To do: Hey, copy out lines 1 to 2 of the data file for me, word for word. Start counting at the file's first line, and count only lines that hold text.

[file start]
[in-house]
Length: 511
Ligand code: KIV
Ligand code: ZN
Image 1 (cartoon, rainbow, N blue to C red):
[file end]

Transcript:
[in-house]
Length: 511